Despite the pandemic, Sacramento construction zoomed along in 2020, marking a 15% increase over 2019. But while the city experienced a sharp increase in the number of affordable housing units built, the city fell well below its state-issued goals.
Developers working in the city added 3,600 housing units of various types in 2020.
City officials credit demand and the fortuitous decision to create a virtual planning process, allowing remote inspections, permits and payments, before the pandemic. Launched just before the restrictions, city officials say builders didn’t miss a beat.
Matt Hertel, the city’s acting long-range planning manager, knows the city needs to create more housing.
“We made a lot of progress but that needs to continue both for existing residents and for the future growth of our city,” said Hertel.
For the eight years ending in 2020, the city was given the goal of building 24,000 units. With 15,300 units built in the period, the city hit 64% of the goal, according to numbers provided by the city and the substance of an April 20 staff report to the City Council.
In 2020, the region produced 425 units aimed at residents making less than 50% of the area’s median income or $43,150 for a family of four. That’s a dramatic increase over recent years, but is just 14% of the state’s goal for the city.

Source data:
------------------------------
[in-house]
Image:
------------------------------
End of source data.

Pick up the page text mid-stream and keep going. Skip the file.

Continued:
The city did better with units targeting the “low” income category — people making between 50 and 80% of the median income — with developers building 688 units or 34% of the housing goal for that income group.
In the moderate-income category — households making 80 to 120% of median income — developers produced 1,370 units, or 160% of the housing goal for that income category.
Some 70% of the new housing built is targeting those at or above the median income level.
Ed Fletcher / CapRadio
Kendra Noel Lewis, is the executive director of the Sacramento Housing Alliance, a housing advocacy group. She had a blunt response to the city hitting 14% of its goal for housing targeting those making less than half of the region’s median income.
“If you were in college that would be a failure, so I would say the percentage is too low and the crisis is clear,” Lewis said.
People should not have to work two or three jobs to afford a place to stay, Lewis said. She said the city needs stronger policies to meet the challenge.
“It’s a good time to reinstitute an inclusionary requirement that mandates actually building a percentage of affordable housing and not just providing the fee,” Lewis said.
New goals handed down by the state call for Sacramento to build an additional 46,000 total units by 2029.
“We’re hoping that we can do better. Because with the housing element number we’re looking at now, it’s even more so we have to do more faster,” Lewis said.
The Sacramento City Council is expected to discuss how to reach the new goals this spring.
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